More than 97% of the stars in our Galaxy will end their lives with a whimper—slowly cooling as stellar remnants known as white dwarfs. The cooling of white dwarfs follows a pattern that was thought to be so predictable that the temperatures of white dwarfs are used to determine the age of surrounding stars. New findings, however, indicate this pattern may need revision [1]. Predictions made by Antoine Bédard of the University of Warwick, UK, and his colleagues now indicate that some white dwarfs may undergo a process that “reinvigorates” the stars, significantly slowing down the cooling process. That change could alter the calculated ages of white dwarfs by billions of years.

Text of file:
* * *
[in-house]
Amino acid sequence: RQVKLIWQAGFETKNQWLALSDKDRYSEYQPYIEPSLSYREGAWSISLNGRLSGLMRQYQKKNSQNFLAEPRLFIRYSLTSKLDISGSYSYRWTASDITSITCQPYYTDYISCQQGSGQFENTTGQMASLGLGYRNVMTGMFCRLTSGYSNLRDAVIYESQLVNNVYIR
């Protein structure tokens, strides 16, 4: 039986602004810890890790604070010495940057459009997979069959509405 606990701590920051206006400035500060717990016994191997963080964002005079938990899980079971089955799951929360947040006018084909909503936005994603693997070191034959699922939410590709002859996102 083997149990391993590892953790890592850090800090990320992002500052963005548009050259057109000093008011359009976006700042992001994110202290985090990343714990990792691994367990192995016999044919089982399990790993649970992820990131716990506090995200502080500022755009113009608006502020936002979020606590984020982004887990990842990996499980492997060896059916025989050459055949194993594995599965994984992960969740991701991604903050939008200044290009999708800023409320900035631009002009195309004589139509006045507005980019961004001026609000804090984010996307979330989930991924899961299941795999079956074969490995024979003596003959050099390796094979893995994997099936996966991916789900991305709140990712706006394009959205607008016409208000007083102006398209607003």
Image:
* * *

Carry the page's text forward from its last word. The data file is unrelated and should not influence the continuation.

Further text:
When a small star (one with a mass 8 times or less that of the Sun) runs out of nuclear fuel, it sheds its outer layers to form a planetary nebula. The core of the star then collapses into a white dwarf. Producing no heat, white dwarfs spend their existences radiating their remaining energy into space, cooling and solidifying from the inside out. Or so astrophysicists thought.

In 2019, this model was disrupted by astronomers analyzing data from the European Space Agency’s Gaia mission. The researchers identified a previously unknown population of white dwarfs within the Milky Way with anomalous properties [2]. As stars age, their velocities increase with respect to nearby stars because of repeated gravitational interactions with those stars. The newly identified white dwarfs, dubbed the Q branch, have much higher average velocities than models indicate they should have based on their temperatures, a finding that suggests that the Q-branch white dwarfs are older than previously thought. Some process is slowing down the cooling.